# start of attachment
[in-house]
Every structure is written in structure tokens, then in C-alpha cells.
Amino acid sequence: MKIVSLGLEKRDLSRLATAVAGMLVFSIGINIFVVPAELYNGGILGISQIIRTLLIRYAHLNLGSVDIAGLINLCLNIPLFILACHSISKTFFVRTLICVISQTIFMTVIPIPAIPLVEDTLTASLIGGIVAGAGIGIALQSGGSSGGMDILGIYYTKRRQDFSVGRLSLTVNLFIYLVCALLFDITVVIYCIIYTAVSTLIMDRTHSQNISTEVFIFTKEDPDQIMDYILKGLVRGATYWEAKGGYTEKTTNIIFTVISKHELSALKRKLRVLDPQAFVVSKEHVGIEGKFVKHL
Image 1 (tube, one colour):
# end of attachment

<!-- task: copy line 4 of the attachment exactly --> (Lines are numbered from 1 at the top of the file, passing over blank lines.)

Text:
Image 1 (tube, one colour):